Pimsleur Japanese I-5

Kanjis: 1st grade + JLPT N5; Additional kanjis for lessons 1-8:

わたし – I/me きみ – you 所・処 ところ – place
ぼく – I/me さけ – sake 欲しい ほしい – wanted

Conversation transcript

Instructions
Listen to this conversation


English
1: man; 2: woman

1: Excuse me. Pardon me.
2: Yes. What (is the matter)?
1: Ueno park? Where is it?
2: It is over there.
1: Ueno station?
2: It is here.
1: Thank you very much.


romaji
1: otoko no hito; 2: onna no hito

1: sumi-masen. sumi-masen.
2: hai. nani ka?
1: ueno kouen wa doko desu ka?
2: asoko desu.
1: ueno eki wa?
2: koko desu.
1: doumo arigatou gozai-masu.



kana
1: おとこの ひと; 2: おんなの ひと

1: すみません。 すみません。
2: はい。なに か。
1: うえの こうえんは どこ ですか。
2: あそこ です。
1: うえの えきは?
2: ここ です。
1: どうも ありがとう ございます。


kanji
1: 男の人; 2: 女の人

1: すみません。すみません。
2: はい。何か。
1: 上のこうえんは何処ですか。
2: あそ処です。
1: うえの駅は?
2: こ処です。
1: どうもありがとうございます。


Vocabulary


English
what
what’s the matter?

something
formal
casual

fine

to eat
masu (formal)
dict (casual)

to drink
masu (formal)
dict (casual)


romaji
nani
nani ka

 
nani-ka
nanka

kekkou-na

 
tabe-masu
taberu

 
nomi-masu
nomu


kana
なに
なにか

 
なにか
なんか

けっこうな

 
たべます
たべる

 
のみます
のむ


kanji

何か

 
何か
 

 

 
食べます
食べる

 
飲みます
飲む


  • Words ending in -i and -na are i-adjectives and na-adjectives.
  • Even though ‘nani ka’ and ‘nanika’ look the same in kanji and hiragana, they are not the same thing; ‘nani ka’ (two words) means ‘What’s the matter?’, while ‘nani-ka’ (one word) means ‘something’.
  • Japanese teenagers use ‘nanka’, the casual version of ‘nani-ka’, in the same way that English teenagers use ‘like’ [Tae Kim]. Hence, it appears often in dramas and animes, but it will seldom show up in adult conversations.

Sample sentences

Won’t you eat something?


formal
nani-ka tabe-masen ka?

なにか たべませんか。

何か食べませんか。


casual
nanka tabe-nai?

なにか たべない?

なにか食べない?



Comments

The following comments explain some of the grammar in more detail.

Adjectives

kekkou-na – けっこうな

‘kekkou’ is a na-adjective that means ‘fine’, but the interpretation changes depending on the context:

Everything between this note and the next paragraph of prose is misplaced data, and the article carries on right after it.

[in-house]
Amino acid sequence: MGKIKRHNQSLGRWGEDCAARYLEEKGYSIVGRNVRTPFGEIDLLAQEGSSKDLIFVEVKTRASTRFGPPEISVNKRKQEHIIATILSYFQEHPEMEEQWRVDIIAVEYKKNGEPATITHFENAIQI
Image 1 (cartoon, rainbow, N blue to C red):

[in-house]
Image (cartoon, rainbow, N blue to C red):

• for positive contexts it means ‘Yes, it’s fine’, i.e., ‘go ahead’:


    Is it ok (to pay) in dollars? Yes, it’s fine.


    doru de i-i desu ka? hai, kekkou desu.


  • For negative contexts it means ‘No, it’s fine (as it is, thank you)’, i.e., ‘No, thank you’:


    Sake? No, I’m fine. (No, thank you)


    o-sake? iie, kekkou desu.


Pronouns

nani – なに, 何

‘nani’ and ‘nan’ are the two basic forms of ‘what’; they have the same kanji, 何, which appears as part of many question words:


English
what?
where?
when?

what hour?
how many people?
by what means?


romaji
nani
doko
itsu

nan ji
nan nin
nan de


kana
なに
どこ
いつ

なんじ
なんにん
なんで


kanji

何処 (what place)
何時 (what time)

何時 (what hour)
何人 (what people?)
何で (what means?)


‘nan de’ means ‘by what means?’, e.g., ‘by car’, ‘by train’, ‘by foot’, etc.

Prefixes and suffixes

-ka –

-ka is a suffix that we add to a question pronoun to get words that indicate that there is ‘some’ or ‘a little’ of that quantity, e.g.,


pronoun
nani (what?)
doko (where?)
itsu (when?)
dare (who?)


pronoun-ka
nani-ka
doko-ka
istu-ka
dare-ka


literal
[some/any]-what
[some/any]-where
[some/any]-when
[some/any]-who


meaning
[some/any]-thing
[some/any]-where
[some/any]-time
[some/any]-one


And this is why ‘nani-ka’ means ‘something’.

Expressions

sou desu ne… – そうですえね…

‘sou desu ne…’ is an expression where ‘ne’ is not playing the role of seeking agreement (ne?) nor providing confirmation (ne!), but instead it is a stalling expression (ne…), used to gain time while considering something:


let me think…


sou desu ne…


そう ですね…